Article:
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Cake, and eat it too

It was five years ago that we launched DEALicious Meals, our annual dine-o-pedia of amazing must-eat meals across the valley. Things were a bit different then: Desert Companion was a bimonthly magazine with an editorial staff of two, housed in a room that formerly hosted a classical music archive for 89.7 KCNV FM; we could have held touch football games in all the extra space. But there were also some fundamentals in place that haven’t changed since then, such as our commitment to honest, fun and forthright service journalism that explores, highlights and celebrates Las Vegas. Little wonder that DEALicious Meals quickly became an institution. In our various installments, we’ve served up everything from big, spicy and extreme food to ethnic specialties to breakout breakfasts and brunches on and off the Strip. This year, for our fifth anniversary, we decided to return to our original menu, noshing our way across the valley to dish up great tastes at every price point — you’ll find everything from killer $2 street tacos to upscale buffets that give the lie to that stubborn stereotype of a depressing heat-lamp pageant of baked ziti and rubbery steak. We also break out three classic casual eats — wings, burgers and hummus — and give these competing DEALicious Meals our own World Cup tourney twist. The valley’s changed over the last five years. For one thing, we have something resembling an economy again (hurray!), and our slow (and hopefully sensible) economic comeback is reflected in our ever-burgeoning food scene, which lately sees many Strip chefs going native, inspired by the promising comeback of Las Vegas’ urban core. In that sense, DEALicious Meals is more than a mere foodie scavenger hunt. What we’re eating is a barometer of the state of our collective psyche. Hey, you don’t eat chicken wings when you’re sad.

And while we’re returning to our roots in one department, in another we’re venturing into new territory. This issue of Desert Companion signals a journalistic mile marker: a long-form, in-depth story that’s our longest and most in-depth yet. In “ Why did he do it?,” Heidi Kyser probes the troubling and complex case of Dr. Ralph Conti, a beloved Las Vegas Valley pediatrician who had a disturbing side job. From February to November 2006, after his pediatrics office closed for the day, he was a different kind of doctor entirely, performing stem-cell injections on sick people desperate to cure their multiple sclerosis, their cerebral palsy, their Alzheimer’s disease. Along with his partner Alfred Sapse — a conspiracy-minded Svengali who was convinced that stem cells were the cure for numerous debilitating diseases, and that the FDA was quashing these cures on behalf of Big Pharma — Conti was convicted of fraud in November 2012. Sapse is doing time in prison, but Conti died under curious circumstances before he could be sentenced. Questions linger, the most compelling of which have to do with Conti’s possible motives and what they might mean: Was Conti a noble rebel physician who truly believed he was curing the sick? A con man whose stem-cell therapies were mere snake oil? A well-meaning dupe who was as much a victim as his desperate patients? Heidi Kyser talks to the major players in the case, including Sapse, serving his prison sentence in California, to create a nuanced portrait of a complex man, remembered by many as a compassionate doctor to countless children, by others as a criminal driven by darker impulses.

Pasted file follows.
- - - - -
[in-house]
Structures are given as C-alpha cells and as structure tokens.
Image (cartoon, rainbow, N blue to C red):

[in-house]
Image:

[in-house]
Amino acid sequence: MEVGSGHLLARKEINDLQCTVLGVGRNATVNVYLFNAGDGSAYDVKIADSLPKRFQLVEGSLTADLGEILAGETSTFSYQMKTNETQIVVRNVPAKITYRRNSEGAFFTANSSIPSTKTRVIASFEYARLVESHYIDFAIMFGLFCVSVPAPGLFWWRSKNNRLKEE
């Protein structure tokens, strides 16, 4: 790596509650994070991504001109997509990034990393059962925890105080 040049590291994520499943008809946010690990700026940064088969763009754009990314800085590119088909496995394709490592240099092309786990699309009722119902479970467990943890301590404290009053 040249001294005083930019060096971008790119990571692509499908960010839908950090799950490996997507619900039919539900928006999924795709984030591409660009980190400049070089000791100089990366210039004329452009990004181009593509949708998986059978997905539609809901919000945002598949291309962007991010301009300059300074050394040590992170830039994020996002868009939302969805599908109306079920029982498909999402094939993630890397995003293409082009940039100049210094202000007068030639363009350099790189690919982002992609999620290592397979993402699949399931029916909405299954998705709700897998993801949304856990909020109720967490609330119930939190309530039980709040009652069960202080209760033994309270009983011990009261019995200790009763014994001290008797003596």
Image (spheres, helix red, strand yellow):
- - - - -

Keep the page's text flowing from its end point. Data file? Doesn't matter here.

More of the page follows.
As a longtime journalist in Southern Nevada, native Las Vegan Andrew Kiraly has served as a reporter covering topics as diverse as health, sports, politics, the gaming industry and conservation. He joined Desert Companion in 2010, where he has helped steward the magazine to become a vibrant monthly publication that has won numerous honors for its journalism, photography and design, including several Maggie Awards.